Thursday, January 19, 2023

Last Call For Vote Like Your Country Depends On It, Con't

Alabama's new GOP Secretary of State Wes Allen was one of the few 2020 election deniers that won his race as the state's top election official, and his first act is pulling the Yellowhammer State out of a bipartisan national compact to share voter roll information.
On his first day in office on Monday, Allen terminated Alabama’s membership in the Electronic Registration Information Center, a consortium of roughly 30 states that share data about their voter rolls to keep them up to date, citing concerns about data privacy.

“I made a promise to the people of Alabama that ending our state’s relationship with the ERIC organization would be my first official act as Secretary of State,” he said.

Allen’s quick move, fueled by right-wing conspiracies about ERIC that spread last year, alarmed election administration professionals.

“Anything that makes elections more secure is a target for the election deniers, and the attacks on ERIC are just another tactic in this effort,” said David Becker, the executive director of the Center for Election Innovation & Research, an organization that works closely with election administrators.

Becker, who is a non-voting member of ERIC’s board after helping spearhead its launch a decade ago, attributed the decision to the lies about election administration spread by election deniers.

Allen first promised he would leave ERIC on the campaign trail last year, shortly after the conservative website Gateway Pundit published a series of stories falsely tying ERIC to George Soros, the progressive-leaning billionaire. Those stories, which called ERIC a “left wing voter registration drive disguised as voter roll clean up,” spread among Republicans who were already fanning other conspiracies about election administration, helping turn ERIC into a target of far-right organizations. Allen himself referred to Soros in explaining his hostility to ERIC in early 2022.

ERIC is financially supported by its member states, including many staunchly red ones that are governed by Republicans, such as South Carolina and Texas, as well as many blue states. The current chair of ERIC, Mandi Grandjean, is the deputy assistant secretary of state of Ohio under Secretary of State Frank LaRose, a Trump-endorsed Republican.

John Merrill, Alabama’s outgoing secretary of state whom Allen replaced, and a Republican known for his own poor record on voting rights—he threatened to go after hundreds voters who mistakenly thought they could vote in a partisan runoff, failed to inform voters of their rights, and lashed out at critics of the state’s voting rights record—steadfastly defended ERIC throughout 2022.

“This continued narrative of ERIC being a George Soros system is untrue. ERIC was not founded nor funded by George Soros, and to claim otherwise is either dishonest or misinformed,” Merrill said in November. Becker echoed that characterization on Wednesday. “Putting aside the nature of those attacks, it’s just 100 percent false,” he said.

Tammy Patrick, the CEO of Election Center, a national organization that represents election administrators, stressed that ERIC was built to meet the practical needs of officials from both parties. “From its inception ERIC has been a bipartisan effort,” she told Bolts on Wednesday. “The policies and functionality were all created taking into account the perspectives of election administrators from across the political spectrum.
Increasingly, Secretaries of States in red state offices are being elected to destroy election integrity, not to protect it. The eventuality is that state elections will be so one sided in both candidate qualifications and vote qualifications that Republican legislatures will simply take over the state's "broken" election system and just declare GOP candidates to win, all the time.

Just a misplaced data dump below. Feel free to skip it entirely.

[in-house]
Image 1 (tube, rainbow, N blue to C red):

At the very least, so few people will vote that Republicans will win anyway, and that's the point.

Jacinda Rescinded, Or, Totally Out Of Petrol

“I’m leaving, because with such a privileged role comes responsibility. The responsibility to know when you are the right person to lead and also when you are not. I know what this job takes. And I know that I no longer have enough in the tank to do it justice. It’s that simple,” she said.

Her term as prime minister will conclude no later than 7 February, but she will continue as an MP until the election later this year.

“I am human, politicians are human. We give all that we can for as long as we can. And then it’s time. And for me, it’s time,” she said. Ardern said she had reflected over the summer break on whether she had the energy to continue in the role, and had concluded she did not.

Ardern became the world’s youngest female head of government when she was elected prime minister in 2017 at age 37. She has led New Zealand through the Covid-19 pandemic, and major disasters including the terror attack on two mosques in Christchurch, and the White Island volcanic eruption.

“This has been the most fulfilling five and a half years of my life. But it’s also had its challenges – amongst an agenda focused on housing, child poverty and climate change, we encountered a … domestic terror event, a major natural disaster, a global pandemic, and an economic crisis,” she said.

Asked how she would like New Zealanders to remember her leadership, Ardern said “as someone who always tried to be kind.”

“I hope I leave New Zealanders with a belief that you can be kind, but strong, empathetic but decisive, optimistic but focused. And that you can be your own kind of leader – one who knows when it’s time to go,” Ardern said.

Over the past year, Ardern has faced a significant increase in threats of violence, particularly from conspiracy theorist and anti-vaccine groups infuriated by the country’s vaccine mandates and Covid-19 lockdowns. She said, however, that the increased risk associated with the job were not behind her decision to step down.

“I don’t want to leave the impression that the adversity you face in politics is the reason that people exit. Yes, it does have an impact. We are humans after all, but that was not the basis of my decision,” she said.